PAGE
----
4. Not just any design, but evidence-based design:[2] Bad policy design can cause unspeakable harm. Creativity must be governed by responsibility and accountability. That means showing how decisions are informed by knowledge, and designs are built from evidence. Far from limiting innovation, this is what makes innovation possible. Because innovative ideas that are not grounded in reality are not really innovative at all.

5. Those designing policy must be committed and accountable to doing no harm:[3] If the design or the social innovation communities are entrusted to help design policies for social impact, then they need to establish and abide by new criteria to help them “do no harm.” Both our processes and our outcomes must try and assure the greatest social good while causing the least social harm. Such an agenda is still not active in our professional communities.  We must be more than creative and systematic agents of change: we must be responsible agents of change.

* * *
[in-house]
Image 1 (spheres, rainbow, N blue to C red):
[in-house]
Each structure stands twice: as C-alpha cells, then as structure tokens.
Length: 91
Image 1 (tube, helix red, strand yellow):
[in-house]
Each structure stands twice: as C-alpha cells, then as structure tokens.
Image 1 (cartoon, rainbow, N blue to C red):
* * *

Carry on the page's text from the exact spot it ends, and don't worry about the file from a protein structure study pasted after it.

There is an exciting and potentially seismic change taking place in the way problems and solutions are being brought together in today’s world. These are not our only lessons at The Policy Lab. They are, however, five useful ones when designing for impact.


[1] Our first major lecture on design and public policy was presented at the London College of Communication in November, 2010. That lecture was later published as Trying it on for Size: Design and International Public Policy, in Design Issues, Vol. 2, Issue 2, pp 6-16, Spring 2011. A link to the original lecture: http://www.academia.edu/801116/Trying_It_on_for_Size_Design_and_International_Public_Policy

[2] For a discussion of evidence-based programme design see, for example, our publication with the United Nations Institute for Disarmament Research: A Framework Document for Evidence-Based Programme Design on Reintegration, 2012: http://www.unidir.org/files/publications/pdfs/a-framework-document-for-evidence-based-programme-design-on-reintegration-396.pdf

[3] Our first lecture on the ethics of design for public policy was given at the University of Gothenburg, October 2010: http://designleadership.blogspot.no/2011/03/guest-post-derek-miller-design-ethics.html